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Feeling Bloated After Eating That Bagel? Read This!

Are you one of the millions who love bagels for breakfast or dinner? Let's face it bread is one of the main foods in the food chain that has been starving for centuries.

Why is there so much talk about the ill effects of eating gluten? Bread should be good for you, right? This may be true for most people but not for others with symptoms such as bloating and diarrhea. Some of my patients complain of fatigue, weight loss, and maybe muscle and joint pain. As I delve further into their eating habits to determine their cause, nine times out of ten I find their symptoms are linked to gluten sensitivity.

What is gluten sensitivity and how do you know if you have it? If you ask yourself this question, you are not alone. Let me explain.

"Gluten" is a family of proteins found in wheat along with oats, rye, and barley. Gluten sensitivity is caused by the immune response to gluten. Simple blood tests can determine if you have antibodies specific to gluten. An inherited form of gluten sensitivity is called Celiac Disease and can affect 1 out of 133 people. Celiac disease is often diagnosed by a small bowel biopsy that may reveal physical damage. Other forms of gluten sensitivity or allergies can develop as people get older.

What happens if you keep eating gluten?

Some symptoms of gluten sensitivity are found in the digestive tract. Others are more common. The body releases chemicals during the immune response that can cause vague symptoms of joint pain, fatigue, and muscle pain.

If gluten-sensitive people continue to eat foods containing gluten, the body will continue to make antibodies to gluten. This immune reaction causes physical damage to the small intestine and makes it difficult to absorb nutrients. This leads to diarrhea and weight loss. If left untreated, damage can endanger life. Fortunately the small intestine has the ability to regenerate healthy cells and will recover over time if gluten is removed from the diet.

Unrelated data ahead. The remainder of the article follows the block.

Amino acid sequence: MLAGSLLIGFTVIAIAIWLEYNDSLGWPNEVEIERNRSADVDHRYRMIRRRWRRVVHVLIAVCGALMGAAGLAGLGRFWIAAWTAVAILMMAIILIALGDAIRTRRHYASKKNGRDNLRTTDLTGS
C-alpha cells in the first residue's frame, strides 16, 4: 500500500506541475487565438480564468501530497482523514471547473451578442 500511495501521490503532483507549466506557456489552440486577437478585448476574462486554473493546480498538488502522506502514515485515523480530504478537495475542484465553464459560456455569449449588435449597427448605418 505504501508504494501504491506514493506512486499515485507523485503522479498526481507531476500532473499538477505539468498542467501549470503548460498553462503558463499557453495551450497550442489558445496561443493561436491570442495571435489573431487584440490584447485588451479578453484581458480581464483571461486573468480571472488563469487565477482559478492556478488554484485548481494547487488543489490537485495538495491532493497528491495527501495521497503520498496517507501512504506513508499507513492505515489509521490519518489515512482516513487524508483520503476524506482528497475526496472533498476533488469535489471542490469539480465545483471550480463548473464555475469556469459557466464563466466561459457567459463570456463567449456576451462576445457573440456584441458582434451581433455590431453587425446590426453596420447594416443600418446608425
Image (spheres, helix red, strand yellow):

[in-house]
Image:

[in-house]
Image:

What If You're Gluten Sensitive?

Listed below are some things you can do if you suspect you may have some of the symptoms described above:

• Check with your doctor and ask for a blood test to determine if you are gluten sensitive.

• Find foods made with oats, quinoa, rice, corn, cereals, and amaranth.

• Food provided, such as macaroni and frozen cheese, will list the gluten content in the packaging.

• Websites for gluten-free local recipes, products, and support groups are available online.

• Ask your market to offer tours featuring gluten-free items on the shelves.

• Ask your local market to develop gluten-free options.

• Restaurants and yachts often have gluten-free options for pizza, pasta, and bread.

• As gluten sensitivity becomes more prominent, you may find that if you ask for gluten-free foods when you eat, others in your group will ask for it too.

• If temptation is a problem, ask for a basket of crackers and bread to take away after other guests have helped themselves.

Make sure your digestive tract is healthy!

Once you get rid of gluten and your digestive tract is healing, there are ways to make sure it works. Eat a variety of healthy fruits and vegetables. At night, drink a glass of water with a spoonful of psyllium sauce. It adds fiber and helps remove unwanted material from the body. Yogurt can help restore the balance of gut bacteria, which is important for digestion.

Damage caused by gluten sensitivity can interfere with the body's ability to process food. Your digestive system may need some help getting back to health. Here are some natural ways to help heal.

• Take multivitamins, as the damaged intestines absorb less nutrients in the food

• L-glutamine is useful for healing the small intestine

• Probiotic supplements can help restore good bacteria in the gut

• Digestive enzymes help your system digest food while the balance of natural enzymes is restored

• Fiber, such as psyllium and flax, can help the gut function efficiently

If you have been abused for months or years with gluten sensitivity, be patient. Give your body time to heal as soon as you remove gluten from your diet. Avoid bakery counters, and eat healthy gluten-free foods instead. Gluten-free diet plans can bring you tasty foods that are better for your overall health!

Mark Rosenberg, M.D.

Institute for Healthy Aging



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